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Why aren’t airports equipped to detect rogue drones or drone users?
01.08.19

Why aren’t airports equipped to detect rogue drones or drone users?

Geoff Pugh
Why aren’t airports equipped to detect rogue drones or drone users?

The question that is being asked of the Government and major airports across the UK is, 'Why aren’t airports equipped to detect rogue drones or drone users?'.

People intent on engaging in deliberate criminal acts do not follow the law. After the disruption at Gatwick just before Christmas and now the reports of Heathrow having sightings near its northern runway, it is clear evidence that introducing additional laws or restrictions will not have the desired effects that key Airport Stakeholders and Government want. 

Won’t more laws or restrictions help?

No. As mentioned above, people intent on engaging in deliberate criminal acts do not follow the law. The perpetrators of these incidents are already breaking multiple laws and are therefore unlikely to be deterred by additional laws or regulations. 

More restrictions will also alienate the 4,500+ legitimate drone users who use their devices safely and legally for commercial purposes.

Can’t they just shoot the drone down?

No.  Whilst Article 240 of the Air Navigation Order, which makes it an offence for anyone to endanger an aircraft or anyone on board, doesn’t apply to drones, using any ballistic weaponry against a small drone would most likely be dangerous and impractical. This could potentially cause a secondary hazard of foreign object debris (FOD) which is also a major concern of all Airports.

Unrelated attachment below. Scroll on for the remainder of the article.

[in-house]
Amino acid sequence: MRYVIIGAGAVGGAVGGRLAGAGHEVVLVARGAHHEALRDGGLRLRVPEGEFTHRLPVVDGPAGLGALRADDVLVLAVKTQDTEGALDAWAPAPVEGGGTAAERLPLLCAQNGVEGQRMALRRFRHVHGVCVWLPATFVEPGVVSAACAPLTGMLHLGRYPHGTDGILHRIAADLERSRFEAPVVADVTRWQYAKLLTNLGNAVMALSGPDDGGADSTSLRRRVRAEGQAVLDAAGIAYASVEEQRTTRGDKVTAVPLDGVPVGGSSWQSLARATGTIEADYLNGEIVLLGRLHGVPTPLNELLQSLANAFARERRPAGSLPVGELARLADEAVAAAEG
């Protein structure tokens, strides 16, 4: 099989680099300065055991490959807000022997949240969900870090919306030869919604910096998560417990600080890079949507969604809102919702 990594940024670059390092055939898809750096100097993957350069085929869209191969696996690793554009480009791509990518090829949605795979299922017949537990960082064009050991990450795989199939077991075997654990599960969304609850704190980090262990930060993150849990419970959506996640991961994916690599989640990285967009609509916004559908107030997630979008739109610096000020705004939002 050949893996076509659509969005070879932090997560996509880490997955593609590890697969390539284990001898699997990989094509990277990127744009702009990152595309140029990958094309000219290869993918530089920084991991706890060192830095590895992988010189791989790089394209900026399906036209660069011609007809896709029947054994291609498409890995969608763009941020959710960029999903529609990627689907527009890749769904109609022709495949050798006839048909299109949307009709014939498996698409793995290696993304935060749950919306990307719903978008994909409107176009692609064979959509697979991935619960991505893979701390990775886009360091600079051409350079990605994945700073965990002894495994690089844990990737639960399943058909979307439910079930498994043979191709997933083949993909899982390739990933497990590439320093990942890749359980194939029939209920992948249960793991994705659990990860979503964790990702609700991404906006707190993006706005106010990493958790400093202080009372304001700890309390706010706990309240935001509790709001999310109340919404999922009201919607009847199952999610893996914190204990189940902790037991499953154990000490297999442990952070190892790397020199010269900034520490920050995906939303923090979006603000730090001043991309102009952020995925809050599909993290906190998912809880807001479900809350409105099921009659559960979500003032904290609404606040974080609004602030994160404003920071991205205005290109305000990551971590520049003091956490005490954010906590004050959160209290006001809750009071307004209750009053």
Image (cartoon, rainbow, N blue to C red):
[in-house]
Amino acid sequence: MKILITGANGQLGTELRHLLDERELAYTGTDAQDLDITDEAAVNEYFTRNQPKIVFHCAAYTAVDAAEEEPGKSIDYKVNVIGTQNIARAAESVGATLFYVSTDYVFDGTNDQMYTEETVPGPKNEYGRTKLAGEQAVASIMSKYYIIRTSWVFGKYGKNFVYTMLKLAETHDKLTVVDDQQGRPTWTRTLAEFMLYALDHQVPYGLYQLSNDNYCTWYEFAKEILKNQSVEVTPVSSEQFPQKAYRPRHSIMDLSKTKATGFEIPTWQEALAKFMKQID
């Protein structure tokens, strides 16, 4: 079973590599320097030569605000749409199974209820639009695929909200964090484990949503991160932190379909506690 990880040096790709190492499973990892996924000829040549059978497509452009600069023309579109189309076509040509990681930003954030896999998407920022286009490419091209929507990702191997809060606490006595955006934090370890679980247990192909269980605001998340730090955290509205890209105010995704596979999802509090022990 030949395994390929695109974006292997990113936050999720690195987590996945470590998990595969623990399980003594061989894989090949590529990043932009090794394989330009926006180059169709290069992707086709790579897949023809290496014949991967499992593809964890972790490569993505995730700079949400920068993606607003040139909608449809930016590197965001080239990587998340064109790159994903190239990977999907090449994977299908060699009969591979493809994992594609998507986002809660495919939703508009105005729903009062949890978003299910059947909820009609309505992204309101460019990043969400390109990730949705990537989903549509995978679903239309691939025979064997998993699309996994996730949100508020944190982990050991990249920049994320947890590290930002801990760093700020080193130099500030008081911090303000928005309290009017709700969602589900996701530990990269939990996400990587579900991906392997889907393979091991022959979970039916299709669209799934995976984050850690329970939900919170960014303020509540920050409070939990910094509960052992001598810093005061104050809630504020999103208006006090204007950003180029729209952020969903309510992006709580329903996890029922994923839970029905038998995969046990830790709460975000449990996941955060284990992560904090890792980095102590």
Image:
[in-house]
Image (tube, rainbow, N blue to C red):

So, what, then, can be done?

Airports and UK Plc need a concerted & co-ordinated plan to invest in drone detection systems around national infrastructure sites and areas of key importance. This combined with the rollout of an Unmanned Traffic Management system that ties into UK airspace will enable airports and other sites to utilise drones for their business benefits (of which there are many) whilst still being able to detect and respond to any potential threats. These technologies are currently available and mature enough to be deployed now.

We have experience with consulting with airports and we have conducted feasibility studies which looked at the costs associated to implementing such systems.

Consortiq were also part of a well demonstrated concept (Operation Zenith) on 21st November 2018 at Manchester Airport. Operation Zenith provided an insight into how drones and airports can be utilised together - it was a live demonstration of Air Traffic Management (ATM) and Unmanned Traffic Management (UTM) integration in controlled airspace.

Operation Zenith presented a safeguarding solution for any airport and gave a strategic separation of “plan to avoid” activity along with drone detection which notified other airspace users, improving situational awareness.

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